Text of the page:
Captain's Dev Journal 02: Console style menu screen

Post your own tutorials, guides and demos.

Post » Sat Mar 22, 2008 1:47 am

[EDIT: New source file (v0005), added comments to source]

While I wait for Construct's animation system to be upgraded to the point I can resume working on my test level, I figure I'll step ahead and go through the process of creating a menu screen.



Most of the times I see MMF and Construct apps, the title screen requires a click of the mouse. While this is fine, it doesn't lend itself well to more traditional games that required arrow and button key navigation. So let's make one.

The thing we have to get through our heads is that when we make a selection system, we're often times not working with the objects themselves. We work with variables, and the variables control everything. To set ourselves up for this, we need a local object to carry the variable that will control the menu. In this case, I chose the sprite that contains the game's logo. We'll set up a private variable in it called "Selector" with a default value of 1.

Now we have to determine which functions our variables can't or shouldn't control. The only thing I can really think of is the little chime sound that comes when you press up or down. So, we'll load that function onto the controls themselves.

To make our controls, we have to give them limits. We don't want our variable to go outside of the number of items in our menu. In my menu, there are five choices. This into account, and with our sound events, the events needed are as follows:

///
Mouse&Keyboard: On "Move Down" pressed.
Logo: Value 'Selector' is less than 5.
> Logo: Add 1 to 'Selector'.
> DirectSound: Autoplay wav file.;

Mouse&Keyboard: On "Move Up" pressed.
Logo: Value 'Selector' is greater than 1.
> Logo: Subtract 1 from 'Selector'.
> DirectSound: Autoplay wav file.;
///

Next we need some way of indicating which item is currently selected. Though I'm sure you can be more creative, I'm going to use Construct's useful FILTER feature to tint my menu selection red.

Much like in my last journal, I'm going to opt for a brute force method. The smartest way of going about handling multiple objects at a time is with either containers or families, but seeing as how I don't really trust those features yet (forgive me, Ashley!) and especially since families cause problems with Vista as of this writing, they hold no benefits opposed to just adding a few more lines of code than normal.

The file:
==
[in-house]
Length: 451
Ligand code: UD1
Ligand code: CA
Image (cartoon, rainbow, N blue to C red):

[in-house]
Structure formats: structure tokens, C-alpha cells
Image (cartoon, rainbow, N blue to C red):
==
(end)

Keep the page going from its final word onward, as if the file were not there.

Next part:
I should note, of course, that using families would make adding items to the menu easier in the future. Oh well.

///
Logo: Value of 'Selector' is equal to 1.
Trigger once while true.
>MenuItem1: Set filter to Red.
>MenuItem2: Set filter to White (none).
>MenuItem3: Set filter to White (none).
>MenuItem4: Set filter to White (none).
>MenuItem5: Set filter to White (none).;

Logo: Value of 'Selector' is equal to 2.
Trigger once while true.
>MenuItem1: Set filter to White (none).
>MenuItem2: Set filter to Red.
>MenuItem3: Set filter to White (none).
>MenuItem4: Set filter to White (none).
>MenuItem5: Set filter to White (none).;

[ect, ect until finished]
///

Finally, we need one event per menu item having to do with whatever key(s) will activate the choice. If there is any title screen music playing, we should also stop it at this point.

///
Mouse&Keyboard: On key "Enter" pressed.
Logo: Value 'Selector' is equal to 1.
>DirectSound: Pause music.